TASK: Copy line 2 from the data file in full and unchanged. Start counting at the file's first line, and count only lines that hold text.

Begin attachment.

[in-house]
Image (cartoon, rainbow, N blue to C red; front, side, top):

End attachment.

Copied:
Image (cartoon, rainbow, N blue to C red; front, side, top):